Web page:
Evening Report (VIP) -- December 5, 2012

December 5, 2012 08:33 AM

ISU CLIMATOLOGIST: CORN BELT DROUGHT MAY LINGER INTO 2013... Iowa State University climatologist Elwynn Taylor says based on history, severely deficit precip years of the magnitude of 2012 do not recover to normal annual precip in a single year. "Accordingly, an additional year of significant moisture stress is considered to be not unlikely and a fourth consecutive year of below-trend U.S. corn yield a distinct possibility," he says. "The probabilities will become more definitive in the early weeks of 2013 as the likely phase of the El Nino/La Nina for the growing season becomes manifest."

Taylor notes that in the drought years of 1956 and 1988, the subsequent year also was a below-normal precip year and below-trend corn yields were seen in Iowa. "It is not likely that subsoil moisture will be fully replenished by the beginning of the 2013 planting season," he adds. "Moisture deficit in the subsoil increases the risk of crop yields being below trend and prevents the recovery of river, pond and well water to normal levels."


STATS CANADA RELEASES FINAL PRODUCTION ESTIMATES... Statistics Canada this morning released its final 2012 crop production estimates of the year, with its total wheat crop of 27.205 MMT coming in slightly above traders' expectations of 27.1 MMT. Canola at 13.31 MMT came in below traders' expectations of 13.7 MMT, with the barley crop at 8.012 MMT coming in well below traders' expectations of 8.6 MMT.

Pro Farmer Canada Editor Mike Jubinville says the canola estimate is slightly bullish for the market, but the change should not significantly alter the market's current path. "And regardless of what anything on crop size StatCan issued this morning, demand for canola from the export and domestic sectors will guarantee that year-end stocks will be tight," he says. Click here for more.


CHINESE INVESTORS CLOSER TO BUILDING RAILROAD IN MATO GROSSO... South American crop consultant Dr. Michael Cordonnier says after years of meetings between Brazilian and Chinese officials, it now appears Chinese construction companies may be one step closer to taking over the construction of the only railroad within Mato Grosso. The total length of the proposed project is 1,215 miles and will cut through the heart of soybean production country.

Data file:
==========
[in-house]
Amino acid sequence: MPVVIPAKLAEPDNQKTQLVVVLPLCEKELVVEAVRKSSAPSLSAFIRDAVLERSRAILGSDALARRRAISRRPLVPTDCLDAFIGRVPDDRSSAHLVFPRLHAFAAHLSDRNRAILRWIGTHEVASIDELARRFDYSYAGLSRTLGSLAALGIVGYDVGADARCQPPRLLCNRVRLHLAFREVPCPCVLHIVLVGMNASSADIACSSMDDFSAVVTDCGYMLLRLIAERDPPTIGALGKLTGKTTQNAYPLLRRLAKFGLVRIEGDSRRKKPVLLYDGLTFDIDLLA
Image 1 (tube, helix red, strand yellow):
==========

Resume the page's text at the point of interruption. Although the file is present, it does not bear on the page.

"The railroad alone could save soybean producers in the state R$2 billion annually in reduced transportation costs," says Dr. Cordonnier. "Finding more efficient ways to move agricultural products to export markets is very important in Brazil because agricultural exports represent about 40% of Brazil's surplus balance of payment."

Dr. Cordonnier says if the railroad is built all the way to the Amazon River, it could represent a savings of 40% on the internal cost of getting grain from Mato Grosso into exportable position.



CORN: With corn futures trading in the upper bounds of the two-plus month, sideways trading range, hedgers and cash-only marketers should get current with advised 2012-crop cash sales. Hedgers are 100% sold in the cash market, with cash-only marketers 75% priced on 2012-crop. Hedgers should be prepared to reown a portion of 2012-crop cash sales in long futures/options on an upside breakout from the choppy range. Also, hedgers and cash-only marketers should be prepared to make initial 2013-crop sales if Dec. 2013 futures challenge the contract highs.

BEANS: Hedgers and cash-only marketers should reward recent price strength if they are not current with advised cash sales to get current with advice. Hedgers are 100% sold in the cash market, with cash-only marketers 75% priced on 2012-crop. With hedgers 100% sold on 2012-crop production, we are watching for signs to reown a portion of 2012-crop, but January beans must clear old support at $14.84 to indicate a short-term, technical bottom is in place

WHEAT: Hedgers and cash-only marketers have 75% of 2012-crop sold in the cash market. Get current with advised sales as prices are historically strong. But with global supplies tightening and multiple crop concerns around the world, we aren't advising additional sales at this time. Also, be prepared to use a strong rally to make initial 2013-crop sales.

COTTON: Hedgers and cash-only marketers have 50% of expected 2012-crop production sold in the cash market. Get current with recommended sales. But with a lot of time left in the marketing year, no additional cash sales are recommended at this time and there are no strong technical sell signals.

CATTLE: Fed cattle producers should continue to carry all risk in the cash market as supply fundamentals are bullish and demand is holding up well. Feeder cattle buyers and sellers carry all risk in the cash market for now.

HOGS: Hog producers should continue to carry all risk in the cash market, but be prepared to hedge a portion of winter production on signs the upside has been exhausted. We'd much rather hedge with futures at a premium to the cash market, which currently is the case.

FEED: Carry all corn-for-feed and meal risk in the cash market for now. Be prepared to extend coverage on an upside breakout from the extended, choppy range in corn futures and on violation of the sharp downtrend from the all-time high in meal futures. While basis is strong, any extended coverage should be done in the cash market as futures are likely to be volatile.

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